“Without that truth-seeking ecosystem of healthy small- and mid-size daily newspapers to explain national news in terms local readers can understand, Americans are left stewing in separate echo chambers, one urban, educated, and liberal, the other working-class, rural, and spoiling for a fight. Not only do the inhabitants of these echo chambers not talk to each other; they barely speak the same language.”
The film about Hollywood – perhaps unsurprisingly – looks like it will cruise to an Oscar Best Movie win. Then there’s Viola Davis, “probably the single most purely charismatic performer of all the nominated talent on show at the Baftas, and it is excellent that she has won best supporting actress for her supremely intelligent and sympathetic portrayal of the long-suffering Rose Maxson in the sonorous drama Fences. There aren’t many actors who can stand up to Denzel Washington in full flood and match him in acting power line for line, speech for speech, but that is what Viola Davis does. It is masterclass stuff.”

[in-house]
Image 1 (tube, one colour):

Not only did this weekend top ratings for the comedy sketch show, which starred Melissa McCarthy as Sean Spicer and Alec Baldwin as the president, but the season overall is doing really well. “Viewership of the show for the season to date is up 22% in total viewers (10.6 million) and 19% in adults 18-49 (3.5) compared to the same period last season. That makes it the most-watched ‘SNL’ season in 22 years, since the 1994-95 frame.”
The real question is whether the NYT can make itself “indispensable” to the lives of its subscribers. “The main goal isn’t simply to maximize revenue from advertising—the strategy that keeps the lights on and the content free at upstarts like the Huffington Post, BuzzFeed, and Vox. It’s to transform the Times’ digital subscriptions into the main engine of a billion-dollar business, one that could pay to put reporters on the ground in 174 countries even if (OK, when) the printing presses stop forever.
The show is edited for length and then broadcast “two hours after the ceremony takes place – but the programme-makers [will] do their best to reflect the essence of any speeches made. ‘This is not a political event,’ the spokesperson said. ‘Actors and actresses have a right to air their views. It’s our duty to reflect their views.'”
“Pirate content is back in the news with a court case by the Motion Picture Association, which represents Disney, Paramount, Sony Pictures, Twentieth Century Fox, Universal Studios and Warner Bros, against nine Irish internet service providers or ISPs.”